• 1 We first conclude that where, as here, contempt is invoked as a sanction for failure to pay a judgment for money, or to compel the expenditure of money from a bankrupt's estate, rather than to uphold "the dignity of the court," the proceedings are not exempt from the automatic stay. Guariglia v. Community National Bank & Trust Co. (E.D.N.Y. 1974), 382 F. Supp. 758, 761; aff'd without opinion (2d Cir. 1975), 516 F.2d 896.

David v. Hooker, Ltd. (9th Cir. 1975), 560 F.2d 412, relied upon by respondent, does not state a different rule. In David the issue was a litigant's failure to comply with a prior discovery order. The court held that notwithstanding the intervening filing of a bankruptcy petition the litigant could be held in contempt and assessed a monetary sanction to compensate the other party to the case for expenses and attorney fees. The court did not, however, rule that contempt may be used to enforce any State ordered obligation, regardless of the existence of the automatic stay. To the contrary, the court quoted with approval language from In re Spagat (S.D.N Y 1933), 4 F. Supp. 926, 927, that the automatic stay did not affect the validity of State court contempt proceedings which "did not attempt in any way to interfere with the property which had passed to the control of the bankruptcy court; [the State court] sought merely to vindicate its dignity which had been affronted by the contumacious conduct of a person who ignored its order." (560 F.2d 412, 418.) Thus, while a court may enforce obedience to its orders and impose sanctions, including a monetary penalty, for contempt, David does not support a claim that a judgment or decree requiring the payment of money may be enforced during the pendency of a bankruptcy by the sanction of contempt. Such a rule would place a bankrupt's judgment creditors in a position superior to other creditors in clear violation of the policies underlying the Bankruptcy Act by requiring the bankrupt to pay claims which had been reduced to judgment in order to avoid contempt.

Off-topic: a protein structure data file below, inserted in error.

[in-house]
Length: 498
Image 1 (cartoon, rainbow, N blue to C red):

Petitioner also contends that respondent's obligations should be non-dischargeable because they constitute a debt "in the nature of alimony, maintenance, or support," which is exempted from discharge under section 523(a)(5) of the Bankruptcy Code (11 U.S.C. § 523(a)(5) (Supp. III 1979)). We conclude, however, that the debt in question is dischargeable and that the proceedings should have been stayed.

• 2-4 Whether a debt is non-dischargeable as being in the nature of alimony, maintenance or support (see 11 U.S.C. § 362(b)(2), sec. 523(a)(5) (Supp. III 1979)) is a matter of Federal, not State, law. (In re Harrod (1982), 16 B.R. 711; In re Diers (1980), 7 B.R. 18, 20.) State law may be used to develop Federal standards or to ascertain the incidents or nature of the debt to determine whether it fits within the exception. (In re Hughes (1981), 16 B.R. 90, 92; In re Tilmon (1981), 9 B.R. 979, 987; In re Pelikant (1980), 5 B.R. 404, 407-08.) Federal and State courts> have concurrent jurisdiction to determine whether debts are non-dischargeable under section 523(a)(5). In re Romeo (1981), 16 B.R. 531, 534; In re Williams (1980), 3 B.R. 401, 403.